It was difficult to imagine that things
could move and degenerate so fast. Everyone now seems to realise that we have
a big problem, a big challenge which requires very good leadership skills to
address. The problem that has arisen over the Barotse Agreement
1964 is not a small one, it is a big and complicated
When people in a certain part of the country call for
self-determination, invoking the African Charter on Human and People's Rights,
Article 20, which states that: “All peoples have the right to existence; They
shall have unquestionable and inalienable rights to self-determination,” we have
a challenge, we have a problem. This right to self-determination was affirmed
with a purpose of promoting a quick end to
Colonialism entailed an oppression and exploitation
of one group by an alien group. Such an oppression and exploitation was pursued
at two levels: the level of politics and the level of economics.
alien group had the monopoly of the political power and the economic power,
resulting in exploitation, manipulation, suppression and oppression of the
original owners of the land. The right to self-determination therefore entailed
political liberation and economic liberation.
Such a two-fold liberation
implied the right to political independence and the right to economic
independence. These two rights formed the backbone of the right to
self-determination and were often enshrined in the pursuit of
When a country assumed political independence and became
self-governing, there was a need for the participation of all the people in the
governance of the country. Hence, the citizens of an independent nation had the
right to participate in the decision-making process of a country directly or
through their representatives.
This called for democratic structures and
democratic spirit in the independent nations. In such a democratic climate, the
freely expressed will of the peoples was supposed to be a major determinant in
the decision-making process.
The right to self-determination has been a
subject of controversy all over the continent. This occurs when an independent
nation is confronted by separatists, secessionists.
independence from colonial rule, the sectional groupings in a country, defined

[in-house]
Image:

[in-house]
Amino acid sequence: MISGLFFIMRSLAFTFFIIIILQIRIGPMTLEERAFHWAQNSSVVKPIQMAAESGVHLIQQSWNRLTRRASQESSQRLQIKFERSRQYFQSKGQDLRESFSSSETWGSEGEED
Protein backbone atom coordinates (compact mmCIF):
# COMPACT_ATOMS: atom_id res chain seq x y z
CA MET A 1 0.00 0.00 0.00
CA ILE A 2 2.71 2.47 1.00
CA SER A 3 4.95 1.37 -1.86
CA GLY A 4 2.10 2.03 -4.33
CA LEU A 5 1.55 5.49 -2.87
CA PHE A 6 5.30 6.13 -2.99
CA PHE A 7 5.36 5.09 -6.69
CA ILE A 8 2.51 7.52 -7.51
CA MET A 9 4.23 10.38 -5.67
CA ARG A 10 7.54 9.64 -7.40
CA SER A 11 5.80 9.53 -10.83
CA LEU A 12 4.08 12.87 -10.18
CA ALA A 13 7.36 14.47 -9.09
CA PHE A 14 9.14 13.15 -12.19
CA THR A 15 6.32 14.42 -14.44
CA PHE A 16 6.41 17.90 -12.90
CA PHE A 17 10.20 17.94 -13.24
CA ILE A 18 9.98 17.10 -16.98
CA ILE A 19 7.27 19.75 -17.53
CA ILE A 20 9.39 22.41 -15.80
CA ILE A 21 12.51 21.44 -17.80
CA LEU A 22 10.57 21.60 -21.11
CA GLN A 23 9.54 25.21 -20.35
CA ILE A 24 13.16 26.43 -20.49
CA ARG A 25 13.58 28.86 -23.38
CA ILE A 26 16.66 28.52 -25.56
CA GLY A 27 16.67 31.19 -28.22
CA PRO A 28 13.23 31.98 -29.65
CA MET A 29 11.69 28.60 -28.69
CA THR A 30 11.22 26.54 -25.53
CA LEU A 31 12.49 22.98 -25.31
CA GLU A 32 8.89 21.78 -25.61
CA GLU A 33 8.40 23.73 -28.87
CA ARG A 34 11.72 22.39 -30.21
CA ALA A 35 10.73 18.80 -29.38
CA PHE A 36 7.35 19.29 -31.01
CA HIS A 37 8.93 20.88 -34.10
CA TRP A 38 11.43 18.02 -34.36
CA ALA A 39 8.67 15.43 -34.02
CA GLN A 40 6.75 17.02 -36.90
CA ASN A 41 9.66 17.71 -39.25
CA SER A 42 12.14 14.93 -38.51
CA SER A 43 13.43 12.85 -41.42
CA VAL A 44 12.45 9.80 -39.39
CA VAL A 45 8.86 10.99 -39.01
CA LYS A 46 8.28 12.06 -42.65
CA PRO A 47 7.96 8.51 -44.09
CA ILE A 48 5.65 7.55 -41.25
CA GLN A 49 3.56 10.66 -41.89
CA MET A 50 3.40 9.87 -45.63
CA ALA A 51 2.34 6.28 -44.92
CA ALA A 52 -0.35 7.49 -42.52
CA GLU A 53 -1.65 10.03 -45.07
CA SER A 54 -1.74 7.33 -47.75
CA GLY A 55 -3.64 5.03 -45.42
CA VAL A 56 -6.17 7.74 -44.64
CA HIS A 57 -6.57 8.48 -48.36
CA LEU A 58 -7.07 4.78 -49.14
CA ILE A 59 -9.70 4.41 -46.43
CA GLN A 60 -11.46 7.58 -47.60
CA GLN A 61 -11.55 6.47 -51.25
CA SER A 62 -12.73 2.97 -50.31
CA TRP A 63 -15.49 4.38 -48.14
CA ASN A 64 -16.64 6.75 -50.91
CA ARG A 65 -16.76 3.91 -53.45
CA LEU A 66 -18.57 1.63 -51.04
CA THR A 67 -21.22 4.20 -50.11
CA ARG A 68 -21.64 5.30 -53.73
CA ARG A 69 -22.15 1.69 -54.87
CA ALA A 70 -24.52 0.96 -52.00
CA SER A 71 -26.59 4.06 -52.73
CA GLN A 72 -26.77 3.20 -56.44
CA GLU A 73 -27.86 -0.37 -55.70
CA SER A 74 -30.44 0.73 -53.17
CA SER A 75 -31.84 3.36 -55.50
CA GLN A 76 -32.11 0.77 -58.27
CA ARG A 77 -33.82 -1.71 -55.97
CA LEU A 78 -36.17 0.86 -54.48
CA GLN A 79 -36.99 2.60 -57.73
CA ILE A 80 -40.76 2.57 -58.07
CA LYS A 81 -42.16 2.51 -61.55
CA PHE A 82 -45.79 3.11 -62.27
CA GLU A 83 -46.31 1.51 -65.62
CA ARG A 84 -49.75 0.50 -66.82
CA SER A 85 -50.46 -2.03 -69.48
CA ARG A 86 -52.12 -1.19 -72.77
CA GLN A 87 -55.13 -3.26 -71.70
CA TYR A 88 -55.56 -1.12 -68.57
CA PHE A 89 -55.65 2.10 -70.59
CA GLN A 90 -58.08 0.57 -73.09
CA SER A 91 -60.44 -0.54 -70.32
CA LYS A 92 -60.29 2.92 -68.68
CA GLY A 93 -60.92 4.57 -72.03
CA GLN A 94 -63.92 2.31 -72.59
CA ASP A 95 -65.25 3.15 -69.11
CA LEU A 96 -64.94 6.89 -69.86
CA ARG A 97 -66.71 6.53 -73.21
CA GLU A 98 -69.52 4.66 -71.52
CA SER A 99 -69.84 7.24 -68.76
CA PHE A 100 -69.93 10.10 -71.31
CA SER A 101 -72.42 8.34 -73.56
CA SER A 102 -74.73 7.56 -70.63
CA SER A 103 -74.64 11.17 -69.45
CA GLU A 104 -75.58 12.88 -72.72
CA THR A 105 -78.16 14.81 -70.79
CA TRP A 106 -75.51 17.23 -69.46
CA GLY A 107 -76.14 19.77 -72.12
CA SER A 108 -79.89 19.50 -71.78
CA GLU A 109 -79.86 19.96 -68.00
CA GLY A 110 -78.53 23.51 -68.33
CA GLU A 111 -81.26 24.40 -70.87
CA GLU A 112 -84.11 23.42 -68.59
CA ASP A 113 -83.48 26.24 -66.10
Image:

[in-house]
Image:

along regional or ethnic lines, can assume a nationalistic stance and call for
independence and autonomy from the sovereign state.
This right has both
external and internal dimensions; and, as we can see in our own case here over
the Barotseland issue, has been the subject of some controversy in recent years,
as it is increasingly asserted by groups within countries, as distinct from
ex-colonies and occupied territories.
But the authentic journey towards
the realisation of self-determination as a nation requires the acknowledgement
of the centrality of the place of God in such a journey. A human being is,
through family, born in a clan, tribe, nation or state.
In the distant
past, families grouped themselves into these larger communities to defend
themselves and their goods against hostile persons and also to provide better
and more abundant food; in other words, to raise their standard of living. The
state is, therefore, a community of families.
And just as the family
exists to help the members who compose the family, so the state exists to help
the families which compose the state. And like in the family, problems and
differences will always be there in a state, in a nation requiring dialogue at
Dialogue, listening to others and sharing our own beliefs with
others, is not a choice for us. It is a must. Dialogue is an essential path for
the promotion of peace and unity among all our people.
And dialogue is
rooted in the nature and dignity of human beings because in dialogue, one can
compare different points of view and examine disagreements. We are reminded in
Galatians 3:28 that “There is neither Jew nor Greek…for you are all
Yes, there are differences, there are disagreements—gigantic ones
for that matter. But they must be pursued with civility and respect for each
other. We have heard the leadership of the Barotse Royal Establishment commit
itself to a peaceful approach in the pursuance of their objectives.
have also heard the Zambian government express its desire to pursue this issue
in a peaceful manner. And this calls for talking, for discussions, for
negotiations whichever way things go. But it’s not possible to have meaningful
negotiations among people denouncing each other, calling each other names and
all sorts of things.
If you want to talk or negotiate with someone, you
have to accept the integrity of the other. If you are not prepared to respect
and listen to your opponents in any issue and you are not prepared to
compromise, then you are also not prepared to negotiate.
We say this
because respect, ability and willingness to listen and concessions are inherent